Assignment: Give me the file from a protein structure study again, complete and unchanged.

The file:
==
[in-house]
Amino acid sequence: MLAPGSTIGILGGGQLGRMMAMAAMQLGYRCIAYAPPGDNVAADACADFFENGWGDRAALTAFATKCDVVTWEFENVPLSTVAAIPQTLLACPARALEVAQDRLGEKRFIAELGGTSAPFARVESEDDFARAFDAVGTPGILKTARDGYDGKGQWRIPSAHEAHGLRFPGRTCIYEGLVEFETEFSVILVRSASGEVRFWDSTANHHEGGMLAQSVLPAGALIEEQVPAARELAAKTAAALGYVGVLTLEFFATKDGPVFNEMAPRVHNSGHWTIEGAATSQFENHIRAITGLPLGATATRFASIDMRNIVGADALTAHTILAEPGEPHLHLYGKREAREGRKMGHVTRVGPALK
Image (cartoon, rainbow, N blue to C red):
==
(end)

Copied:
[in-house]
Amino acid sequence: MLAPGSTIGILGGGQLGRMMAMAAMQLGYRCIAYAPPGDNVAADACADFFENGWGDRAALTAFATKCDVVTWEFENVPLSTVAAIPQTLLACPARALEVAQDRLGEKRFIAELGGTSAPFARVESEDDFARAFDAVGTPGILKTARDGYDGKGQWRIPSAHEAHGLRFPGRTCIYEGLVEFETEFSVILVRSASGEVRFWDSTANHHEGGMLAQSVLPAGALIEEQVPAARELAAKTAAALGYVGVLTLEFFATKDGPVFNEMAPRVHNSGHWTIEGAATSQFENHIRAITGLPLGATATRFASIDMRNIVGADALTAHTILAEPGEPHLHLYGKREAREGRKMGHVTRVGPALK
Image (cartoon, rainbow, N blue to C red):